Glossary of Band Instrument Terms

The bell of an instrument is the flared end of the instrument from where the sound is emitted. The size, shape and material of the bell can have a dramatic effect on the sound of the instrument, particularly with brass instruments, as the sound of the instrument travels from the mouthpiece to the bell, with no sound escaping anywhere else on the instrument (assuming that there are no leaks, of course!)
Blued Steel Springs, sometimes referred to as simply Blue Steel Springs, are a type of needle point springs that are often used on woodwind instruments. They get their name from their color, which is actually the result of a tempering treatment to reduce corrosion. Blued steel springs can hold the same tension as a stainless steel spring that has a larger size, which is why they are often used in professional instruments.

See also: Springs

The bore of the instrument is the tubing between the mouthpiece receiver and the part of the instrument where the tubing flares to form the bell. The size of the bore will have a great affect on the sound of the instrument, the playability of the instrument, and the ease of playing and controlling the instrument.

An instrument with a small bore will tend to have lower resistance than that with a larger bore; less air would be required to fill the instrument, making it easier to play for a beginner. Larger bore instruments tend to have more projection and a larger sound presence.

Embouchure refers to the use and control of the facial muscles to create sound on a wind instrument. By manipulating the shape their lips and muscles, a player can affect the sound and pitch of the note being played. Like all muscles, exercising the embouchure will strengthen it and allow for greater control of the instrument.
The footjoint (sometimes simply referred as just the foot) is the end of the flute where most of the air and sound is emitted. Like the headjoint, it is removable from the main body. There are two common types of footjoints, the C footjoint and the B footjoint. A B footjoint is longer than the C footjoint, and features an additional tone hole and key, allowing the flute to play a Low B.
The headjoint of the flute is similar to the neck of a saxophone, with the main difference is that the tone of the flute is produced at the headjoint; no reeds or mouthpieces are involved. The shape, thickness and material of the headjoint will have a tremendous effect on the sound and response of the flute. Air is blown into the headjoint at the lip plate; its shape can effect the sound of the flute as well.
Monel is an alloy of nickel-copper and zinc, and is often used as the material for valves due to its resistance to corrosion and its hardness.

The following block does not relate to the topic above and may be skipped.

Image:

The neck of a saxophone, also known as the crook in some countries, is the part of the saxophone between the mouthpiece and the main body, and is usually removable. The shape and taper of the neck can have a tremendous affect on the sound and playability of the instrument. Intonation of the instrument can be affected if the neck is not properly designed, or is misshaped due to damage. Necks can sometimes be made of a different material than the body of the saxophone, which can affect the tonality of the instrument.
Pads are glued into the key cups of woodwind instruments and play a vital role in changing the pitch of the instrument. They are made of felt with a stiff cardboard backing, and are covered with either leather or fish skin so that they are airtight. When in use, pads form an airtight seal around a tone hole, which prevents the sound being produced by the mouthpiece (or headjoint) from escaping, with changes the pitch.

The quality of the pad will have a great effect on the instrument; low quality pads may tear or constantly move out of adjustments, which causes leaks. Can affect a single note, or the entire instrument.

Pistons are a type of valve where air is directed by the depressing a cylinder that can close the pathway of air from one set of tubes and redirect it to another. Brass players often refer to piston valves as simply valves.
Rotary valves are type of valve that redirect airflow within an instrument by psychically rotating a non-stationary piece of tubing from one path of tubing to another. They are often referred to as simply rotors.

See also: Valves

On woodwinds, depressing keys on the body will lower the key and pad and cover a tone hole, affecting the pitch of the instrument (pressing some keys will do the opposite and lift a pad away from a tone hole). Springs are used to return the key back to its original position, as the tension of the spring will move the key back. The size and shape of the spring will affect how quickly this will occur, and can have a great effect on the feel of the instrument. Springs with too much tension, or ones that are too large, will feel slow and sluggish.

See also: Blued Steel Springs

On woodwinds, the tone hole is a place on the body where air may escape. The pitch of a woodwind is the result of a sound wave, created by the vibrations of the mouthpiece or headjoint, traveling down the length of a tube. The sound wave can escape from a tone hole, which effectively changes the length of the tube. By opening or closing different tone holes, the player is able to play many notes on the chromatic scale.
With brass instruments, pitch is changed by one of two ways: embouchure, or by changing the length of the tubing. The sound wave will get lower in pitch the longer the length of the tube becomes. Brass instruments often use several different lengths of tubing which air can be directed towards (or away) via a system of valves. By using one or more valves at the same time, a brass player can play the instrument chromatically.

Note: Brass players often refer to piston valves as simply valves.

See also: Rotary Valves